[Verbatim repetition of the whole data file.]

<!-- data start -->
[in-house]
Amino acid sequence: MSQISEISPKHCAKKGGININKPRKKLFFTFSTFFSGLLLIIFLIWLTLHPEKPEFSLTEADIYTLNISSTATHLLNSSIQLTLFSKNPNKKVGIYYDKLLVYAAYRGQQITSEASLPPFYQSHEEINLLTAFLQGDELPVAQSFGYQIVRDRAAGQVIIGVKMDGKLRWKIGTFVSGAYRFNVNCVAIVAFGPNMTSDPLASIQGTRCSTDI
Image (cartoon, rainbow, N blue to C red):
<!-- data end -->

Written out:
[in-house]
Amino acid sequence: MSQISEISPKHCAKKGGININKPRKKLFFTFSTFFSGLLLIIFLIWLTLHPEKPEFSLTEADIYTLNISSTATHLLNSSIQLTLFSKNPNKKVGIYYDKLLVYAAYRGQQITSEASLPPFYQSHEEINLLTAFLQGDELPVAQSFGYQIVRDRAAGQVIIGVKMDGKLRWKIGTFVSGAYRFNVNCVAIVAFGPNMTSDPLASIQGTRCSTDI
Image (cartoon, rainbow, N blue to C red):